How to prevent root rot?

How to prevent root rot

Follow these steps to avoid root rot in your ZZ plant:

Avoid excessive watering: Follow a schedule and research the water requirements of the ZZ plants to avoid overwatering. 

Use the proper soil mix: You should choose a soil with good drainage.

Use the correct pot size: Using the incorrect pot size will prevent the water from draining correctly. Make sure you use the pot with drainage holes.

Provide a bright environment: A bright climate will help the plant not retain excess water and will prevent fungus and bacterial growth.

But what if, doing all the measures, your zz plant still dies? Apart from losing the plant and leaving you in vain, can you still regrow your plant? Yes, you can! Yes, you heard me right! 

What if my zz plant still dies? What’s next?

If all of your steps can’t save your zz plant, Propagate It. Unfortunately, the above steps for saving a ZZ plant with root rot are not guaranteed to work if the problem is severe.

Having a backup plan in this situation is always a good idea.

So, if you notice that the majority of the roots have rotted or that the plant is still deteriorating after repotting, propagating it is an excellent option.

If possible, propagate more than one cutting because this is your last shot with your zz plant. In short, there are no second chances once no more healthy cuttings are available.

You have the option of propagating left cuttings or stem cuttings. At this point, you’ll most likely have to settle for what’s available.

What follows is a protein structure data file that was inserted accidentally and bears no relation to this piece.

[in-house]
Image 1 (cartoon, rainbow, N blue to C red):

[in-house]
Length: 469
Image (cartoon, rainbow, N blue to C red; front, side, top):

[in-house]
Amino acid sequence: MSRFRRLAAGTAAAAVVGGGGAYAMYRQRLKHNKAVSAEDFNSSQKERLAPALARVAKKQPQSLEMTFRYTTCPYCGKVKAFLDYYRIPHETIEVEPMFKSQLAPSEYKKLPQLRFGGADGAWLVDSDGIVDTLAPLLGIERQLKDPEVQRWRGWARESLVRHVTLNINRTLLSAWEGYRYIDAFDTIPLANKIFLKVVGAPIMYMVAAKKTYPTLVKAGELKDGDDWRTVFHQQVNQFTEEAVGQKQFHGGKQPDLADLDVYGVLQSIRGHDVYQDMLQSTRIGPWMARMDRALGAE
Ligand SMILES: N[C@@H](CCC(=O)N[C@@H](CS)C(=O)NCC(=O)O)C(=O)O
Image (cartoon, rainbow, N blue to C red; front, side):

As a result, you should look around for both healthy leaves and stems. Take cuttings from either one, depending on which one appears to be more promising.

Let us go over the steps with leaves:

  • Cut or pluck leaves that appear healthy and green. The leaves should not be damaged in either way.
  • Set it aside for a few hours.
  • Now, put the leaves in a moist potting mix that allows water to drain quickly.
  • Keep the pot in an indirect bright area away from harsh and direct light sources.
  • On average, it may take up to a month for rhizomes to form at the bottom.

In the case of stems:

  • Choose a healthy one with a few leaves in the case of stems.
  • Fill half of a glass container with water and insert the stem.
  • Please keep it in a well-lit, indirect area.
  • Change the water every 3-4 weeks to avoid becoming too dirty.
  • Be patient. You can repot the rhizomes into a container with fresh potting soil once they have grown at the bottom.
  • Water the new plant and place it in a bright location.


ZZ plant root rot is a serious issue that you must address immediately. So, if you suspect brown leaves, foul odor, or squishy roots, it is always worth investigating. Isn’t it better to be secure than guilty?

Root rot spreads quickly, deteriorating the plant’s health. You should look for the watering schedule per the plant’s requirements. ZZ plant root rot treatment can be time-consuming, but it’s always worth a shot. 

Even if you can’t save your plant from severe roots, you can always remove and propagate the healthy parts. 

Let us know if you have any more questions regarding root rot and we’ll love to answer them.

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  • Navya Rathour

    Navya is an Agriculture graduate with a keen interest in plants. She is a plant lover and loves to share her knowledge to the best of her abilities. She has worked for the welfare of plants since she was ten years old, has grown more than 50 houseplants inside her home, and loves to share her experience.

  • Prachi Parate

    Prachi Parate is an enthusiast writer. She is a native of a science background, where botanical science was one of her favorite subjects. It was always Prachi's dream to combine her passion with a career. Hence, her fascination with plants led to a career as a writer. Also, she believes that taking good care of yourself is key to happiness. Time spent in nature is one of her favorite self-care practices. It is her goal to transform her learning into content that helps readers.